Paying attention to and nurturing the relationship at play in any exchange is important but building trust in relationships is especially critical when it comes to creating a climate that is conducive to creativity and so to innovation.
Trust, like credibility, is earned and built over time. It is not something you can wish for one minute and automatically have the next. One of the most important steps to building and reinforcing trust is to develop your natural ability to establish good rapport with others when you interact. What is rapport? Genie Z Laborde talks about rapport as a process of establishing and maintaining a relationship of mutual trust between two or more parties. (Laborde, 2006).
This definition implies that rapport is something that has to be worked at. It should also be acknowledged that with some people and in some circumstances it is something that happens naturally and spontaneously from the outset. You could describe this as having ‘clicked’ with somebody.
How do you know when you have naturally fallen into rapport? Here are some of the signs that you will probably recognise and have experienced yourself when the ‘click’ happens.
- You feel comfortable.
- You feel the exchange is enjoyable.
- You feel you understand each other.
- You feel you have things in common.
- You are happy to stay in the conversation.
- You are interested and tend to pay more attention.
- You may open up more.
- You match each other’s non-verbal signals comfortably without realising it.
- You may not notice that time is passing.
- You feel encouraged to seek out this person’s company again.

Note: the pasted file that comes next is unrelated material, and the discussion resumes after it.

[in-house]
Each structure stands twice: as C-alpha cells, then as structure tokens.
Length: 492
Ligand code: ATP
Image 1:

Someone watching and listening to a conversation of this kind would observe a certain degree of matching in the body language. For example, two people deep in conversation may lean in towards each other or change position in a similar way. When the conversation is harmonious, it is also often possible to detect similar voice levels and tones. The facial expressions are also likely to reflect the harmonious nature of the exchange. The assumption is, that at a relationship level, the exchange is functioning well and to the satisfaction of both parties.
Nevertheless, establishing rapport does not mean that you have to be everyone’s best friend or agree with everything that others say. You can still be in rapport with someone when you agree to disagree or when you challenge each other’s position or views.
For many reasons, rapport does not always happen naturally or quickly. This places you at a disadvantage with the need to play catch up. Establishing and nurturing rapport is a critical skill that enables you to start on the right foot and ground the relationship on mutual respect. It moves you in the direction of a better understanding of each other.
In the workplace, where you are exposed to a diverse range of people with whom you are required to work to achieve results, there will be many occasions when you have to make an effort to improve or accelerate the quality of the relationship. This implies investing further time and energy in such things as actively listening, respecting differences and seeking common ground in order to really get to know and understand the person in front of you.
When you approach people with this positive and open attitude and behaviour, you lead the way by example, making it more likely that those around you will reciprocate. You will find that good relationships begin to come to you and you have kick–started the longer term process of building trust.